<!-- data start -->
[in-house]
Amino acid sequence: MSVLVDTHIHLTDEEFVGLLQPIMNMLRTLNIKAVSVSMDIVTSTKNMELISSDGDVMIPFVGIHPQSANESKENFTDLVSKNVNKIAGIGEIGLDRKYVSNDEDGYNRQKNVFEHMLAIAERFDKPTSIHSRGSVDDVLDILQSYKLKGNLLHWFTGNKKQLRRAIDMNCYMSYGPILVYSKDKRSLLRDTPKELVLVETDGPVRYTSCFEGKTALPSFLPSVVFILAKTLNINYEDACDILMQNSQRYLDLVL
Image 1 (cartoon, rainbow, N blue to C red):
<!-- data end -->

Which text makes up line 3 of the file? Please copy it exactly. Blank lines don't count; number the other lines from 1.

Image 1 (cartoon, rainbow, N blue to C red):